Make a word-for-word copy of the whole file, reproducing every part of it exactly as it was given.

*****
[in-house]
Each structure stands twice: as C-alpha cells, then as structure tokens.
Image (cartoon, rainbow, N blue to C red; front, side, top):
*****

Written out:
[in-house]
Each structure stands twice: as C-alpha cells, then as structure tokens.
Image (cartoon, rainbow, N blue to C red; front, side, top):